Tuesday, February 28, 2012

still-sound 45. In search of the miraculous

I recently borrowed a book from the library about  G. I. Gurdjieff, a Russian esoteric thinker of the early 20th Century.  I chose a book about him (in this case by the novelist John Shirley) rather than by him because I thought it would give me a broader overview of his life and ideas - and be written in a more modern, direct  style.

Shirley's book often references In Search of the Miraculous, written by one of Gurdjieff's students, P. D. Ouspensky (published in 1949).  This title is commonly accepted as the seminal book about Gurdjieff.

I had heard this title before.  When I moved to New York after college I worked in a non-profit art gallery called Exit Art.  One of the exhibitions staged during my time there explored the history of performance art, highlighting pieces that required an extraordinary level of endurance by the artist, whether mental or physical.  The exhibition included a piece by conceptual artist Bas Jan Ader that particularly caught my eye.  The piece was represented by a melancholy, grainy, black and white photograph of a sailboat at sea.  The cursive script along the bottom of the picture read In Search of the Miraculous.

I assume that Bas Jan Ader borrowed the title from Ouspensky.   Otherwise it's quite a coincidence.

In Search of the Miraculous by Bas Jan Ader, 1975. Photo from MOCA archives
Bas Jan Ader's piece was a multi-faceted project spanning two years.  It began as performances which took the form of nighttime walks through Los Angeles in 1973.   The artist documented these walks with black and white photographs.  An air of hopelessness and sadness permeates much of Ader's work.  In Search of the Miraculous concluded in 1975 with a piece that had the artist cross the Atlantic by himself in a thirteen foot boat.  The voyage started in Cape Cod, MA and would have ended in Falmouth, England had Ader not perished at sea.  In Search of the Miraculous drips with tragic irony as the quixotic voyage was almost certainly bound to fail.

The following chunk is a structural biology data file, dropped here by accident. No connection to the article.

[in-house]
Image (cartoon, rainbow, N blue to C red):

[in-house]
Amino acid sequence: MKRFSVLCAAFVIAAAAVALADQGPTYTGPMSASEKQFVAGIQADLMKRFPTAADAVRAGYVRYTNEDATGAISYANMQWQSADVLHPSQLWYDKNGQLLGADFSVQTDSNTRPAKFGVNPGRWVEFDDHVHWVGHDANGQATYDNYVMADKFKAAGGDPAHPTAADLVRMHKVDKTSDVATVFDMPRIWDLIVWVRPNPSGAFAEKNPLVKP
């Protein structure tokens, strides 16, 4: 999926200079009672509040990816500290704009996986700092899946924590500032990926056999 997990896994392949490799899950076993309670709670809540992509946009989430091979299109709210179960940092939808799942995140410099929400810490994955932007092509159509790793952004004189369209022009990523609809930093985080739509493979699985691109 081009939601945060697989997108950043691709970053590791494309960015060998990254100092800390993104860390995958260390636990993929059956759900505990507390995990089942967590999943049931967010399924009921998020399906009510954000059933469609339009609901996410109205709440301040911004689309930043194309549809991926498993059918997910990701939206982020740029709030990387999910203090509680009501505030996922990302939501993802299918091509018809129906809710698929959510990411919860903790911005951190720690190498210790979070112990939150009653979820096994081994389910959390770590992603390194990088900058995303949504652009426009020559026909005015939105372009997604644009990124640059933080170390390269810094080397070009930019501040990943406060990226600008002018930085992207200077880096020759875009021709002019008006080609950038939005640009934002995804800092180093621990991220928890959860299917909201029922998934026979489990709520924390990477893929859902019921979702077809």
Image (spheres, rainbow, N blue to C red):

I like the word miraculous but don't think it's anything I'd care to search for.  Miraculous implies extraordinary.  I think I'd rather search for the ordinary.

Gurdjieff claimed that most people sleepwalk through life.  Like robots, humans  mechanically react to events, never really knowing themselves, never truly feeling anything.  The Waking Up from the sleepwalk, to me, resembles the Buddhist notion of enlightenment.  To truly see things and yourself as they are with no delusions.  Nothing changes, everything is ordinary except for your perception - which is perfectly clear.  Like putting on glasses after living a lifetime with severe myopia.

I've read of and heard personal accounts of brief glimpses into clarity.  Some came during a near death experience, some came with DMT trips, some came in meditation practice.  These moments are sometimes described as "Of course!  Of course!  It's so obvious and right under my nose.  How could I have not seen it this way?"  The clarity is momentary however and then impossible to describe afterward.  Like painting a picture of a red apple when the color red, in fact, does not exist.

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